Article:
2.8. Aseptic Meningitis

Aseptic meningitis has been noted in several different immunotherapeutic agents, such as cetuximab [93], pembrolizumab, nivolumab [94], and ipilimumab [95]. Meningitis was more likely to present with additional non-neurologic immune-related adverse effects. Symptoms include unspecific headaches, photophobia, neck stiffness, and altered mental status. It is challenging to distinguish meningitis from encephalitis in patients with metastatic cancer or patients presenting with new seizures and cognitive impairment. Aseptic meningitis was probably related to markedly elevated inflammatory cytokines, such as IL-6, IL-2, interferon-γ, and tumor necrosis factor-alpha (TNF-α). Patients who developed aseptic meningitis can be tested by lumbar punctures, CT, and contrast brain MRI. CSF findings typically demonstrate lymphocytes as the central part, normal-to-low glucose values, and elevate protein. MRI might show abnormal diffuse thickening of the dura mater. CT, bacterial culture, viral culture, and fungal culture are often negative. Steroids can be used to improve the symptoms. NCCN guidelines recommend patients who experience mild-to moderate-grade meningitis rechallenge treatments when there is complete symptom resolution [96].

Other symptoms, including transient vision loss, hypothalamic or pituitary gland disorder [97, 98], depression, dizziness [99, 100], acute inflammatory demyelinating polyneuropathy, and chronic inflammatory demyelinating polyneuropathy (CIDP), were also occasionally reported. According to the clinical symptoms, blood tests, biochemical tests, cerebrospinal fluid puncture, and head imaging can be used to make a precise diagnosis, followed by symptomatic supportive care.

2.9. Predictors and Assessment of Neurologic ir-AEs

At present, there are still no proven biomarkers to predict neurologic ir-AEs in patients undergoing the administration of ICIs. However, limited evidence has indicated that CAR-T-related neurotoxicity is related to tumor burden, the number of CAR-T cells infused, previous lymphodepleting chemotherapy (fludarabine and cyclophosphamide), age, and previous chemotherapy. Neurologic ir-AEs can be defined and graded using the CTCAE or ASTCT ICANS grading system. Indeed, recent studies have proved that the CTCAE grading system overestimates the incidence of grade 1 or 2 neurological adverse events [101]. Guidelines for immune-related adverse effect management have been established by the American Society of Clinical Oncology (ASCO) and the National Comprehensive Cancer Network (NCCN).

2.10. Pathogenesis of Neurologic ir-AEs

Traditional chemotherapy- and radiotherapy-induced neurotoxicity has been widely recognized in patients with cancer. The central nervous system contains stem cells and slowly splitting glial cells that supply some neuronal populations. Chemotherapy preferentially acts on the dividing cells. The central nervous system is an unexpected target of agents that affect the dividing cells. Likewise, radiation therapy (RT) targets the dividing cells and can cause damage to the neural structures directly or indirectly by causing vascular damage, fibrosis of neural structures, and endocrine disturbance. Accordingly, depending on the region of the brain involved, RT can lead to stroke-like migraine, aphasia, hemiparesis, seizures, and so on.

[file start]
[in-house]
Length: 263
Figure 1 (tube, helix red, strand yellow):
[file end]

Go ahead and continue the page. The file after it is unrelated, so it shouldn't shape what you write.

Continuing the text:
Compared with traditional therapy, neurologic ir-AEs are more severe. Immunotherapeutic agents can activate the endothelial cells and damage the nerve system directly by upregulating the immune system to release cytokines. In some cases, these cytokines can cause brain edema, resulting in the death of patients [16, 102]. Given the protection of BBB and the low proliferative rate of neurons, the nervous system should be well protected from the toxic effects of immunotherapy and traditional therapy. However, some immunotherapeutic agents can still concentrate in the cerebrospinal fluid to act on the normal brain tissue [103]. Additionally, preexisting neurologic comorbidities are correlated with an increased risk of neurologic ir-AEs. Moreover, cyclophosphamide and fludarabine lymphodepletion, a higher infused CAR-T cell dose, and a higher burden of malignant cells increased the risk of developing CAR-T therapy-related neurotoxicity [42].

2.11. Upregulation of the Immune System

Immunotherapeutic agents such as blinatumomab and CAR-T cells can activate the T lymphocytes to release various cytokines into the blood and cause a group of symptoms. This process is called CRS [104, 105]. Although recent research shows that the neurologic ir-AEs are irrelevant to CRS, there is evidence that patients who undergo CRS after immunotherapy are more vulnerable to developing neurologic ir-AEs [13, 106]. Studies have demonstrated that neurologic ir-AEs secondary to CAR-T therapy is probably related to the markedly elevated inflammatory cytokines, such as IL-6, IL-2, interferon-γ, and TNF-α [16, 102, 107, 108]. Moreover, Norelli and colleagues proved that elevated IL-1 and IL-6 after CAR-T cell infusion are secreted by human monocytes [109]. In addition, aseptic meningitis is related to high levels of IL-6, IL-2, and interferon-γ in meninges. Seizures, acute encephalopathy, and peripheral neuropathy secondary to immunotherapy are also associated with high levels of cytokines [59, 60, 110, 111]. Importantly, immunotherapeutic agents-induced high levels of cytokines in the cerebrospinal fluid can lead to cerebral edema [112], which can cause paralysis, motor aphasia, and even the death of patients. Mayhan, W. G. found that TNF-α can increase the permeability of BBB and some peripheral organ barriers, allowing the kinds of cytokines to enter the central nervous system [113]. Therefore, TNF-α might play an important role in the pathology of immunotherapy-induced neurotoxicity.